Although Boston University finished the 2007-08 season by winning nine of its last twelve games, their 5-14 start in addition to a string of injuries kept the Terriers from winning their first conference title since 2001-02. The good news is all five starters return for BU as they are expected to make a run at the title this season. Junior guard Corey Lowe could be in the running for America East player of the year. Lowe was second in the America East Conference in scoring last season averaging 18.1 points per game along with a conference-best 3.5 3-point field goals, 3.7 assists and 3.3 rebounds. Lowe is joined in the backcourt by junior Tyler Morris and sophomore Matt Wolff. Morris recovered after missing the first 11 games of last season with a broken foot by averaging 6.5 points and 3.0 rebounds per game after winning the conference’s rookie of the year award as a freshman in 2006-07. Wolff had averages of 5.6 points and 4.3 rebounds last season. Sophomore forward John Holland averaged 11.4 points and 5.0 rebounds last year and figures to build on a freshman season that saw him succeed Morris as the America East rookie of the year and making the all-defensive team, while junior forward Scott Brittain averaged 10.0 points and 6.3 rebounds last season.
Junior guard Carlos Strong is a scoring threat coming off the bench, after a season in which he averaged 11.1 points a game. Adding veteran depth to the roster is senior guard Marques Johnson and junior forward Valdas Sirutis. Boston University is scheduled to play their first six home games at Agganis Arena, the 7,200-seat building and new home to the Terriers’ hockey team. They lost the Nov. 14 opener against George Washington (58-53), but went on to defeat St. Peter at home (67-62) as well as Bucknell and Northeastern on the road. Saturday’s loss to Mount St. Mary’s (69-78) snapped their three-game losing streak. Upcoming games against Marshall, Holy Cross, Vermont, Albany and Hartford in a “Bracket Buster” contest in February will also be played in the new arena. The rest of the home schedule will be played on campus at the 1,800-seat Case Gym.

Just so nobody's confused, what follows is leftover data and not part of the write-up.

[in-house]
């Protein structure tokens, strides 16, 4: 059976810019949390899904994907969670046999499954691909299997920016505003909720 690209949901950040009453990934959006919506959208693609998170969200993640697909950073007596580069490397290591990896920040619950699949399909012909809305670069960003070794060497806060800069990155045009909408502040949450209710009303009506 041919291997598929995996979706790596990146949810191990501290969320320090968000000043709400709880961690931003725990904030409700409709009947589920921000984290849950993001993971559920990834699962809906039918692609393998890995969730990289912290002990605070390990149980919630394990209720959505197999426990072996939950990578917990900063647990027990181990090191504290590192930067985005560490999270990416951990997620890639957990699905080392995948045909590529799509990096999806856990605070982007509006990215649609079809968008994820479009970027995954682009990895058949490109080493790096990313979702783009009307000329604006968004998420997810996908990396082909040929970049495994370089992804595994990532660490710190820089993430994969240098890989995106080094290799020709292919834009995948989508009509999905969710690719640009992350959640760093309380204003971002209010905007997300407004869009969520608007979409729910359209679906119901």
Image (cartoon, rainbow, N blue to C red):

Boston University has plenty of experience with all five starters returning along with their top scorer coming off the bench. To be taken seriously however, the Terriers need to get more efficient on offense by improving their field-goal percentage by creating better shot opportunities and limiting the amount of turnovers per game. Head coach Dennis Wolff (career 260-202) in his 15th year at Boston University (230-184) said earlier this season “I really believe it will be a wide-open conference race, which should make for a very entertaining season in the America East. The parity among the teams in our league will make for a competitive season.” Last year Dennis Wolff led BU to a 14-17 overall record and 9-7 record in the America East Conference.
Even though Boston University took a step back last season because of a slow start and injuries, the Terriers are poised to make a run at the America East title this season after a couple of good recruiting years with Veteran coach Dennis Wolff providing stability and leadership. BU also has the advantage of playing two of its toughest non-conference opponents (George Washington and Marshall) on campus at the Agganis Arena. The most difficult test this season by far will be a Dec. 13 visit to Notre Dame, currently ranked 8th in the nation. If the Terriers can put together some mid-season victories and play well in the conference home stretch against Albany, Vermont and UMBC then I think their conference title hopes are very much alive – along with hopes for an automatic bid to the NCAA tournament in March.